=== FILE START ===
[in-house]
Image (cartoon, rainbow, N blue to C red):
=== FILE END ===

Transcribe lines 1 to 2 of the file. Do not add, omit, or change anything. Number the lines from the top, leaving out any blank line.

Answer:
[in-house]
Image (cartoon, rainbow, N blue to C red):